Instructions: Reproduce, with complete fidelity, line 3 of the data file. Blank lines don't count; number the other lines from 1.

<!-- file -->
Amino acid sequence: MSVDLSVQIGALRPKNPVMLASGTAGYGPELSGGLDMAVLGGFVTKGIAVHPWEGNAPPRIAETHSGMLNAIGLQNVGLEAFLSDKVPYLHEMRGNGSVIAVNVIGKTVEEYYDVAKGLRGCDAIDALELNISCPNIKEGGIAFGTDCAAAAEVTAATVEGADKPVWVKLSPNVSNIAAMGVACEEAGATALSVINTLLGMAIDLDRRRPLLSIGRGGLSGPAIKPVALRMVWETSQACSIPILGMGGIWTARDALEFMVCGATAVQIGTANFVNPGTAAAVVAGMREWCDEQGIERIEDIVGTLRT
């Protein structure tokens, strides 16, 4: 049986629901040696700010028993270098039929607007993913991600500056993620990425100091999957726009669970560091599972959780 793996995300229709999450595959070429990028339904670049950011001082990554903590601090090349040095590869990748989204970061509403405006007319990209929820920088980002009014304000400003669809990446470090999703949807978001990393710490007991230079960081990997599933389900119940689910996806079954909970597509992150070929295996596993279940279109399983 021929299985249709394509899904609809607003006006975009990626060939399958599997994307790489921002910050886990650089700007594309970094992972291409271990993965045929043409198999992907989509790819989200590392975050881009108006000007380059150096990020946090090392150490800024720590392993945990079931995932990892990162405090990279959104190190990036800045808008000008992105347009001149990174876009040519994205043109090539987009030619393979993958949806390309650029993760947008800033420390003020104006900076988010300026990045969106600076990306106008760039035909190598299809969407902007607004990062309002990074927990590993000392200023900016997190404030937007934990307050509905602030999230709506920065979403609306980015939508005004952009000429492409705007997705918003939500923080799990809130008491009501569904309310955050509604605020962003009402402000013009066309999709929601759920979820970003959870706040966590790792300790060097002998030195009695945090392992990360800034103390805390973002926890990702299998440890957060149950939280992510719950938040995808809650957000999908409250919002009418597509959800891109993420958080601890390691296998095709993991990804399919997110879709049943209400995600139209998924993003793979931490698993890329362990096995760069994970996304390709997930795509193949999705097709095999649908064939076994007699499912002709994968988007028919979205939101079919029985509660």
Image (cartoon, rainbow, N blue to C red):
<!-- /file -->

Image (cartoon, rainbow, N blue to C red):